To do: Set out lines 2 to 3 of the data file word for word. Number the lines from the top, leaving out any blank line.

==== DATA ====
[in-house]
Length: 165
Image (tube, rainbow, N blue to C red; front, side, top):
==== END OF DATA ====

Length: 165
Image (tube, rainbow, N blue to C red; front, side, top):